Brexit: what now?
The campaign is over: Britain has voted to leave the European Union. For a decision of such moment, the result is agonisingly tight.
The initial consequences are clear. The Prime Minister has resigned, unable in conscience to lead a country that was not following him. Scotland voted overwhelmingly to remain in the EU, and Nicola Sturgeon has made clear that that’s where she sees its future, making a second independence referendum likely. The pound has dropped to a more than 30-year low against other major currencies; the FTSE 100 opened with an 8% fall, with the major British-based banks losing a third of their share values.
The longer-term consequences will play out over the coming months and years. It has been very clear in recent weeks that the property and development sector as a whole was strongly in favour of remaining in the European Union. Development loathes uncertainty, of which we will now see plenty. We will have to see whether, as feared, that affects the number of new projects brought forward, and the number of spades in the ground.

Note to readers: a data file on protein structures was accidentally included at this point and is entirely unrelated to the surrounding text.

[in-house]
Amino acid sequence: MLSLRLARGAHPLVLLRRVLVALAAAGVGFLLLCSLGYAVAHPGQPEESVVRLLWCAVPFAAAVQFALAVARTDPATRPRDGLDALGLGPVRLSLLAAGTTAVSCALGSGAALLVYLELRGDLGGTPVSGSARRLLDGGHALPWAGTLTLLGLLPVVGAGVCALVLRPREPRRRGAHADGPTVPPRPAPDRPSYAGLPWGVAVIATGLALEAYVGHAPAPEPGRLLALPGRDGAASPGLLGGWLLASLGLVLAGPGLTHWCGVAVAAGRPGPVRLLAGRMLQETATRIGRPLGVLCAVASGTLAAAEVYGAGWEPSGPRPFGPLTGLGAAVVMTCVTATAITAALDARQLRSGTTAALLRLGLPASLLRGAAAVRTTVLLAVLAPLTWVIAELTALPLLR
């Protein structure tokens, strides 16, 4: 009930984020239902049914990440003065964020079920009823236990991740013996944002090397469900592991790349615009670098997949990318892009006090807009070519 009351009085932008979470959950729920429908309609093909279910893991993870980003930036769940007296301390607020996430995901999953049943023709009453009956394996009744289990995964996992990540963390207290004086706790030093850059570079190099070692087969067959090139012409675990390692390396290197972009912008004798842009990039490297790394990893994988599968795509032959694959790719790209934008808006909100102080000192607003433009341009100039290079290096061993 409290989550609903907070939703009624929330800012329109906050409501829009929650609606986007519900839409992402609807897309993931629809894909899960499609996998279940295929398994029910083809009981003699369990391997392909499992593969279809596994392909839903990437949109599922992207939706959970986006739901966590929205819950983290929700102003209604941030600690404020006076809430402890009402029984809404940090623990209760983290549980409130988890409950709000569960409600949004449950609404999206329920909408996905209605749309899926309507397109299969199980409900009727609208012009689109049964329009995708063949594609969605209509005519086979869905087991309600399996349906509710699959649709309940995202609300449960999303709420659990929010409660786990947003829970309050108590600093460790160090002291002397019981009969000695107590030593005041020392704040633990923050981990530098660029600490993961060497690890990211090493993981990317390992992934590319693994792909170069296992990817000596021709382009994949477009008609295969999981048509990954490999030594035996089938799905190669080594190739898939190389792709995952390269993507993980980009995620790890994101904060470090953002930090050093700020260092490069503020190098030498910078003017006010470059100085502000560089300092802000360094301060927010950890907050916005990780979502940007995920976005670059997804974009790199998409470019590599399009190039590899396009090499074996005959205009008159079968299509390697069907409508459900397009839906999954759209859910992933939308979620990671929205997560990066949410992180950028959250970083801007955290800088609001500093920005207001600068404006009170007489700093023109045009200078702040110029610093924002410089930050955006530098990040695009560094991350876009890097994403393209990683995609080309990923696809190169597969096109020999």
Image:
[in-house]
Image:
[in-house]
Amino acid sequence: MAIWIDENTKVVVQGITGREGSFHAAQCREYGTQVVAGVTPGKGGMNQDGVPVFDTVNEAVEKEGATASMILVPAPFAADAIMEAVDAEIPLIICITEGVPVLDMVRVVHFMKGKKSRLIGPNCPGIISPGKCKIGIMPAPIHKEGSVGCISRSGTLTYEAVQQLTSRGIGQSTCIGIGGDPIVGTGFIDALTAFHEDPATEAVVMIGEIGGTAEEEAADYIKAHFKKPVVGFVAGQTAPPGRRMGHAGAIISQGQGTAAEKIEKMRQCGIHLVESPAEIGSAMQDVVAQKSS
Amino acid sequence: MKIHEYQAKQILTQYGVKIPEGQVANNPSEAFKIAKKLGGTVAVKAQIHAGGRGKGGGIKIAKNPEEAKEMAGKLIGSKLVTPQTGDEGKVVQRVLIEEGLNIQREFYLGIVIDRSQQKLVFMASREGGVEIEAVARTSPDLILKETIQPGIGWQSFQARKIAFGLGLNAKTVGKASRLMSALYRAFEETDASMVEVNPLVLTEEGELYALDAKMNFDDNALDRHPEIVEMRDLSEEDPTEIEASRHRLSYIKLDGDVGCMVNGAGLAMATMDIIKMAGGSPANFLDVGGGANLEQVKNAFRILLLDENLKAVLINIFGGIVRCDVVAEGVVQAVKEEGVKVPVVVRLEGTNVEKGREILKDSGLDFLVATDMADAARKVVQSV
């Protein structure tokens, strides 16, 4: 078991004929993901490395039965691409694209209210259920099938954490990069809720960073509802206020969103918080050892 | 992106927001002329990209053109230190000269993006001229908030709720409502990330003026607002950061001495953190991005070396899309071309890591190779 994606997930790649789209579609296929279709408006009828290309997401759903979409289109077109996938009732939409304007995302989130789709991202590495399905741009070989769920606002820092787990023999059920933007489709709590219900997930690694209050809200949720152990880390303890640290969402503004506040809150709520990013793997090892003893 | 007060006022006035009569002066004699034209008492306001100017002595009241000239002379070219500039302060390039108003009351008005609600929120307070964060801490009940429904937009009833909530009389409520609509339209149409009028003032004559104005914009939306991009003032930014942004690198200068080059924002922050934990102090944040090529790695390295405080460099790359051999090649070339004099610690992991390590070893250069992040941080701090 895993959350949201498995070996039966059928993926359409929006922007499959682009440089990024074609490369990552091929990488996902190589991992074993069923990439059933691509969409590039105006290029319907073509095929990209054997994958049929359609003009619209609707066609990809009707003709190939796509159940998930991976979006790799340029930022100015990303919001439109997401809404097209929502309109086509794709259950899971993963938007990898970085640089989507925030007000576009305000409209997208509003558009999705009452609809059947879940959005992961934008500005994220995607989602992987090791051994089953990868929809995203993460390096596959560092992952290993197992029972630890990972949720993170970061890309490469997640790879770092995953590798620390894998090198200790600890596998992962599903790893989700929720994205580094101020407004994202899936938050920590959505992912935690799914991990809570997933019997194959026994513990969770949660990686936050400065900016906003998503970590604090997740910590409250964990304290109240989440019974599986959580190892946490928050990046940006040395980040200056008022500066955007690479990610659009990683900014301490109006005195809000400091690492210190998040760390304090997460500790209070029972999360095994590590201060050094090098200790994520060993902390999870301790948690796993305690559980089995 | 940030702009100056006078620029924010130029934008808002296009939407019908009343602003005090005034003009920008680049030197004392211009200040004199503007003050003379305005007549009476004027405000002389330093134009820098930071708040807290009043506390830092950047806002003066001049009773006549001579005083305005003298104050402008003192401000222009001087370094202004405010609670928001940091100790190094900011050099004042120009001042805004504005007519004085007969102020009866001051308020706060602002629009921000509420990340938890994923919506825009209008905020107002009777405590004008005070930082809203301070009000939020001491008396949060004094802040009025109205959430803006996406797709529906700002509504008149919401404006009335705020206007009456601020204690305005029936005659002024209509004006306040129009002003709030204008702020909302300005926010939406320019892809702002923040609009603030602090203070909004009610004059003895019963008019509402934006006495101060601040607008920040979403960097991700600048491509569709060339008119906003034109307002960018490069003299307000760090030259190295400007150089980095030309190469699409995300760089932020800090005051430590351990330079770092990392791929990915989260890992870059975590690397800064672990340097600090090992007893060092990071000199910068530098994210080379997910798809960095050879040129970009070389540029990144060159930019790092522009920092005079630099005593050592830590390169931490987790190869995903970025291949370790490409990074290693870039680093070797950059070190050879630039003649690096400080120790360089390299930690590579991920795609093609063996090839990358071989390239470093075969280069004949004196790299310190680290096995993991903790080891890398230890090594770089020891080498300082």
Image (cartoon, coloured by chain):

The collapse of the Northern Powerhouse?
What consequences for the idea of the Northern Powerhouse? Politically, the result may prove to be a fatal blow for its author, the Chancellor, the driving force behind devolution deals. He will hope that the groundwork that has been laid in the form of outreach and trade missions to China and the wider world offsets any decline in foreign direct investment from the EU. The UK is currently the leader in FDI from other European nations; it may not look so attractive now.
The fear will be that investors globally that saw the UK as a dynamic, attractive gateway for investment in the EU now look to Germany or France to fulfil the same role. Investment was to be the lifeblood of the Northern Powerhouse. Without inward investment, and without George Osborne in Number 11, there will be fears that the vision could crumble.
We’re set for a prolonged period of financial and political uncertainty that is, in many ways, unprecedented. We will be sure to analyse and report on the changes to come.
We've taken a look at who'll be setting planning and housing policy, and supervising devolution and local authorities, from now on.
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